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Experts warn investors of volatility risk

Just five days remain until Korea’s two main stock exchanges double the daily stock price limits, a state-driven move to boost liquidity and reduce speculative investment.

Starting June 15, the benchmark KOSPI and the tech-laden KOSDAQ will expand the price limits to 30 percent, double the current 15 percent. This is the first revision of its kind in 17 years since the authorities raised the figure from 12 percent to 15 percent in 1998.

While the Korea Exchange, South Korea’s main bourse operator, noted that there are enough buffers to prevent volatility due to of the increased price limits, experts warn that noninstitutional investors on KOSDAQ could face problems..

“Doubling the daily price limits can work differently on KOSPI and KOSDAQ, considering that the latter has more low-cost stocks of small enterprises that can reach the upper and bottom limits in no time,” said an asset manager of a major local brokerage, asking to be identified as Ahn.

“We expect to see more noninstitutional investors borrow collective loans from brokerages, to invest in the small-scale, affordable stocks of KOSDQ on credit, exposing them to the risks of short stock selling,” he added, asking individual investors of KOSDAQ to take due caution of the increased volatility.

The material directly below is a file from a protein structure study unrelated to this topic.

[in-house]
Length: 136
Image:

Earlier last month, the Korea Financial Investment Association reported that the nation’s credit-based investments reached as high as 3.97 trillion won ($3.64 billion) as of May 20, which accounts for about 3.5 percent of the total capitalization of the KOSDAQ trading. The ordinary wage earners turned to credit-based stock investment for gains amid dwarfing interest gains on bank deposits.

Meanwhile, the authorities introduced some additional regulations as a protection against the risks due to revised stock price limits. The circuit breaker, currently operated once a day, would halt trading for 20 minutes if the benchmark index falls 8 percent and 15 percent each, and shut down the daily session if the index dips more than 20 percent.

In response to the market concerns of the revision, the Financial Services Commission plans to enforce additional policies to save erroneous trading deals by the fourth quarter of this year.

“Regarding the expansion of the stock price limits, we are open to strengthening measures to create a freer and more convenient financial market,” an FSC official said.

By Chung Joo-won (joowonc@heraldcorp.com)
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